glance

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cast a glance

To look quickly (at something or someone). I always cast a glance at my desk to make sure I have everything before I leave the office at night. She cast a glance in my direction before she boarded the train.
See also: cast, glance

at a glance

1. With only a quick look. I have notes hanging all over my cubicle so that I can answer customers' questions at a glance.
2. Used to indicate that something is a brief summary. Here are our fourth quarter projections at a glance.
See also: glance

at first blush

Upon first seeing or considering something. At first blush, I thought the house was great, but the inspector's list of problems changed my opinion. The contract did seem favorable at first blush, but it eventually cost me a lot of money.
See also: blush, first

at first glance

Upon first seeing or considering something. At first glance, I thought the house was great, but the inspector's list of problems changed my opinion. The contract did seem favorable at first glance, but I can see now that it would not have been beneficial.
See also: first, glance

dart a glance at (someone or something)

To look at someone or something quickly. That boy just darted a glance at you again! I think he likes you! You only darted a glance at that sign, so how could you possibly know what it says?
See also: dart, glance

without a backward glance

Without any reservations, remorse, or regret. Often used to describe leaving a place or situation. Likened to literally leaving somewhere without turning around to look at it one last time. I could leave this town without a backward glance—there's no reason for me to stay here. I thought he really loved working here, so it was strange when he up and resigned without a backward glance.
See also: backward, glance, without

at first glance

 and at first blush
when first examined; at an early stage. At first glance, the problem appeared quite simple. Later we learned just how complex it really was. He appeared quite healthy at first glance. At first blush, she appeared to be quite old.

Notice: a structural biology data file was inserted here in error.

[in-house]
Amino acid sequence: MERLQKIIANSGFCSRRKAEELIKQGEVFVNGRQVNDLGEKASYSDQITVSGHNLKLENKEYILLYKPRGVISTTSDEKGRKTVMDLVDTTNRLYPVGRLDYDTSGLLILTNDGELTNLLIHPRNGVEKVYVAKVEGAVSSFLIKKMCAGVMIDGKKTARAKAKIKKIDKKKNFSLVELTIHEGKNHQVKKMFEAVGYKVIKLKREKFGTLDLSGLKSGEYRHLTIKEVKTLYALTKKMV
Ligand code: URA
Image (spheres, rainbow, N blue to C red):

See also: first, glance

dart a glance at someone or something

to shoot a quick look at someone or something. She darted a glance at him and looked quickly away. He darted a glance at the door and looked even more uncomfortable.
See also: dart, glance

fleeting glance

Fig. a quick glance; a very brief look. I had a fleeting glance at the car as it sped by, but I couldn't read the license place number.
See also: glance

furtive glance

a secret or quick glance, quickly averted. He made a furtive glance in the direction of the closet when the robbers asked where the jewelery was hidden.
See also: glance

glance around (some place)

to look quickly around some place. He glanced around the room, looking for his favorite cap. Mary glanced around, looking for her friend.
See also: around, glance

glance at someone or something

to look quickly at someone or something. Sharon glanced at Todd to see if he looked as if he was ready to go. I glanced at my watch and realized how long all this had taken.
See also: glance

glance back

 (at someone)
1. to look quickly at someone who is looking at you. He glanced back at Mary, so he could remember her smile. She hoped he would notice her but he never even glanced back.
2. to look quickly at someone who is behind you. Dan glanced back at the man chasing him and ran on even faster. He glanced back and ran faster.
See also: back, glance

glance down (at something)

to look quickly downward at something. Sherri glanced down at her watch and then pressed on the accelerator. She glanced down and hurried off.
See also: down, glance

glance off (someone or something)

to bounce off someone or something. The bullet glanced off the huge boulder. The baseball glanced off of Tom and left a bruise on his side where it had touched.
See also: glance, off

glance over someone or something

to examine someone or something very quickly. I only glanced over the papers. They look okay to me. The doctor glanced over the injured woman and called for an ambulance.
See also: glance, over

glance through something

to look quickly at the contents of something. I glanced through the manuscript, and I don't think it is ready yet. Would you glance through this report when you have a moment?
See also: glance, through

know at a glance that...